Supreme Court Decides Religious For-Profit Companies Can Say No to Birth Control
the MPR take:
The Supreme Court of the United States has ruled that some corporations are not required to provide medical coverage for some contraceptives for women based on religious objections. The Affordable Care Act requires that contraceptives be provided as part of healthcare coverage at no cost, but does exempt non-profit religious organizations from the mandate. Two corporations at the center of this case argued that the contraceptive mandate violated the companys’ beliefs that certain birth control methods were abortifacients and against their religious views, and thus should not be covered under the company’s healthcare plan. In the majority opinion, Justice Samuel Alito wrote that the government could cover pregnancy prevention in these instances, or that the same process that applies to non-profit religious groups could apply (groups’ insurers or a third-party administrator covers the cost of the contraceptives). Close to 50 businesses have sued over the contraceptive mandate, with some willing to cover most methods and others refusing to pay for any birth control.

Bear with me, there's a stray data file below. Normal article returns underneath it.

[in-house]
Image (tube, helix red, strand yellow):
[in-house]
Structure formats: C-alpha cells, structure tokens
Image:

(WASHINGTON) - The Supreme Court says corporations can hold religious objections that allow them to opt out of the new health law requirement that they cover contraceptives for women. The justices' 5-4 decision Monday is the first time that the high court has ruled that profit-seeking businesses can hold religious views under federal law.
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